SYDNEY (Centre for Asia Pacific Aviation) Emirates this week announced that it achieved a 6.6% growth in profits for the six months ended 30-Sep-05, ringing in a net profit of USD251 million, as the carrier was able to ride a hike in yields and load factor to boost revenues faster than costs.
As with every other carrier in the world, Emirates faces a rising fuel bill, as the amount it paid at the pump rose 84% over the same period in 2004, with fuel accounting for 27% of its expenditures, up from the previous year’s 19%. What enabled the carrier to overcome this massive outlay was both a focus on cutting non-fuel costs and a healthy increase in revenues. The carrier says that its revenue increase came about through both improved yields and a 2.6-point rise in system load factor, to 76% (with passenger numbers up over 15% to 7 million).
Emirates’ anachronistic growth in profits comes against a backdrop of seemingly perpetual expansion, all of it conducted with widebody aircraft. A key focal point for Emirates service enhancements is the market to Australia and New Zealand, much to the chagrin of local giant Qantas. The Australian flag carrier has long charged that its Dubai-based counterpart is the recipient pf market-tilting benefits, thanks to the fact that its government owner manages it, as well as the civil aviation authority and the Dubai airport.
These charges were seemingly endowed by the Middle East airline’s recent announcement that it would seek to double its frequencies to Australia, aiming to bring its weekly tally to 84. The carrier already serves Australian cities Brisbane, Sydney, Melbourne and Perth, connecting them via Singapore and Bangkok, as well as serving the last three nonstop using the ultra-long range A340-500. Emirates also flies local traffic across the Tasman, connecting Auckland with Brisbane, Sydney and Melbourne, and Christchurch with Sydney.
The Dubai carrier has fervently resisted charges of state sponsorship and Qantas’ oft-repeated claim has set off a volley of derisive comments flying between the two. After Qantas chair Margaret Jackson labeled the Middle East carrier’s claims of commercial operation “fiction”, Emirates vice chair Maurice Flanagan returned the shot, saying that Qantas is the bigger beneficiary of government support – even if its support comes in the form of protection and not subsidy. Flanagan noted that the Australian airline faces meaningful competition only on its route to London, and that “Qantas is one of the world’s most anti-competitive airlines and customers are paying higher prices as a result.”
Raising the stakes in their mutual mud-slinging campaign, Flanagan all but accuses his opponent of being inept at the planning function, saying that the Aussie carrier focuses on only its route to Heathrow, while Emirates has been successful with its forays into the antipodean market because it connects Australian passengers with markets Qantas ignores, such as Machester, Birmingham, Milan, Athens and Paris, as well as many African destinations.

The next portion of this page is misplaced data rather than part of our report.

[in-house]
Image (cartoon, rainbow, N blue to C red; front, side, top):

It is easy to dismiss both sides’ arguments as so much empty rhetoric, but what is behind Qantas complaints is doubtless on myriad other airlines’ minds too: the effect Emirates’ unbridled capacity increases will have on fares and profitability for any number of key intercontinental routes. The world has never seen growth in capacity such as Emirates has put on display, and the carrier is nowhere near through yet. And Qantas’ home patch of Australia – which Emirates began serving only in 1996 when it commenced Melbourne service, with Sydney only coming online in 2000 –is merely one of the affected markets.
Aircraft type In Service Unfilled orders Delivery
When Emirates chair Ahmed bin Saeed Al-Maktoum says that the company is looking forward to using its “investments” to secure its future, he plainly isn’t kidding. With the fleet set to more than double on an aircraft basis (and considerably more than double on a seat basis) in the not-too-distant future, Emirates’ capacity increases will be coming in on a pretty constant stream. And that is before the industry even turns its attention to the new competitive realities that will result from the first of its A380s touching down in Dubai in a little over a year.
With 43 of the 550-seat giants eventually flying in and out of Emirate’s 24-hour facility, the game will be forever changed (and Emirates has waxed lyrical over the tiny unit costs that would accrue from putting a few 800-seat versions of the model in its stable).
The carrier has already said it plans to be a global carrier, and has used its A340-500s to make that vision a reality, just adding a second daily nonstop to New York, to complement its daily flights to Sydney and Melbourne. It seems every month features a new destination launch, recently adding Seoul and Abidjan, Cote d’Ivoire to its roster. But, as much as anything, it must be the service enhancements that worry the established airlines, especially those in the Asia Pacific region which will see their services to Europe, both passenger and cargo, undercut by the ambitious Middle East carrier.